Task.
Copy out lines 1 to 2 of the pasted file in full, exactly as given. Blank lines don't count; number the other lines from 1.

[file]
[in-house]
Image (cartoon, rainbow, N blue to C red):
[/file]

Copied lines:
[in-house]
Image (cartoon, rainbow, N blue to C red):